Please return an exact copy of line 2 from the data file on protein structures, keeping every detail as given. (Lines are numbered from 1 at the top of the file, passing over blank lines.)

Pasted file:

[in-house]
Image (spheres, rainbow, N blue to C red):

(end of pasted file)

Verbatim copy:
Image (spheres, rainbow, N blue to C red):